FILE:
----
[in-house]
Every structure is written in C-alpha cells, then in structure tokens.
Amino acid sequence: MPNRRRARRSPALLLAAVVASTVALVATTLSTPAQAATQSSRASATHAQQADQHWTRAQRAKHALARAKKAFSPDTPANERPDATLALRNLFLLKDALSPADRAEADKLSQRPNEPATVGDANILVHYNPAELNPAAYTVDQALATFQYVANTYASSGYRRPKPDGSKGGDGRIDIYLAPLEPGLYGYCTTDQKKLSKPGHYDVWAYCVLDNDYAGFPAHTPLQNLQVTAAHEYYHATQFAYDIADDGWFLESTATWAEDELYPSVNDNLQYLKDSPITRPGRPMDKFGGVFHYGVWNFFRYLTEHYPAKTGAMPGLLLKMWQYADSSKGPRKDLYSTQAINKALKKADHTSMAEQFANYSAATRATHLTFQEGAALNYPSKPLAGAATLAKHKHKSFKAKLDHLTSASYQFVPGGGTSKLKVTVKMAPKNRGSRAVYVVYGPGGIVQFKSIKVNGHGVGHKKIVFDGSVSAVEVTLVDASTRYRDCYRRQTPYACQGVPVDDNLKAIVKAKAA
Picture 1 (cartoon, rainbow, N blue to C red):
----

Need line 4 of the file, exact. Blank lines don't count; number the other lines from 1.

Picture 1 (cartoon, rainbow, N blue to C red):